“I’m going to tell you something I don’t tell very many people,” said Eagle Scout Mike Rowe of Discovery Channel’s popular program, Dirty Jobs. “My dad took—no, he kidnapped me—when I went to my first Scout meeting.”
Rowe was addressing a crowd of over 70,000 Scouts and guests tonight at the 2010 National Scout Jamboree at Fort A.P. Hill in Virginia. The event celebrates Scouting’s one hundredth anniversary in America.
He described a game that he was pulled into playing as being “designed by an idiot.” It involved swinging a bag full of wet rags around in a circle on a 12-foot rope. The Scouts standing in the circle try to jump as the bag passes. “And if you miss, the bag slams into your ankles and knocks you down,” Rowe said.
“So I was in Boy Scouts for two minutes and I had a bloody nose,” he said.
“Then the Scoutmaster made me get up and introduce myself,” Rowe said. He described his young self as shy, and that the thought of giving a five-minute speech about himself was terrifying. Yet he did it anyway, and bloody-nose and all, made it home that night.
He swore he wouldn’t come back. “I don’t know why I went to the next meeting, or the next after that,” Rowe said. “All the sudden I was an Eagle Scout.”
Rowe then became more serious and explained how these early Scouting experiences made him who he is.
“You got to get uncomfortable,” he said, “and Boy Scouts forces you to get uncomfortable… and LIKE IT!”
Rainy camp outs, merit badge presentations, hiking Philmont in 105-degree heat—they all make Scouts uncomfortable. Yet when the trial is over, they realize they have survived and triumphed. Suddenly the trial doesn’t seem so bad and the thought of taking on other challenges seems less scary.
The TV star credited his entire career to his Scouting experience. To get on in life, you have to do things you don’t want to do, Rowe said.
This is bravery. It is the tenth point of the Scout Law.
Often, bravery is contemplated as something that describes individual acts of heroism or risk. (Ironically, stupidity could also be applied to some of the same acts.)
Bravery can also be more broadly realized as a person’s willingness to undertake difficult life challenges. A student pursuing medical school, a couple adopting a disabled child, or a Scout embarking on his first steps on the Trail to Eagle could be examples of this commitment to bravery—“a commitment to being uncomfortable,” as Rowe might say.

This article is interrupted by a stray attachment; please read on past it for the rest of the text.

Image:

The Scouting experience, from sore feet during an inconceivably challenging Philmont trek to the heart-pounding nervousness that accompanies a Scouts’ first public speaking presentations, creates uncomfortable feelings. Feelings of uncertainty and self-doubt are integral to a Scout’s success.
For when he does overcome the challenges—and they do more often than not—the joy of the accomplishment overrides any discomfort. They “LIKE IT!”
Once that connection is made, linking discomfort (taking a risk) to liking it (finding success), Scouts realize they can truly accomplish anything they put their mind to, from building a successful career to contributing to a strong family.
That first step in any challenge is always the hardest, the most uncertain, the most uncomfortable. For one hundred years, the Boy Scouts of America has helped young men take those first steps, to find their bravery, and to make that bravery into success.
Such success has not only benefited the millions of Scouts who have participated in the last one hundred years. It has also allowed the Boy Scouts of America to thrive into its second century of developing young men.
“Happy birthday, everyone,” said Rowe. Here’s to many more.
Through Tuesday, I plan to blog about Scouting’s main principles as set out in the Scout Motto, Scout Law, and Scout Slogan.
Daniel M. Reck, M.S.Ed., is a copy editor for Jamboree Today, the daily newspaper of the Boy Scouts of America National Scout Jamboree at Fort A.P. Hill, Virginia. An Eagle Scout, he is also the Assistant Director of Greek Life, Leadership, and Involvement at Monmouth College in Illinois.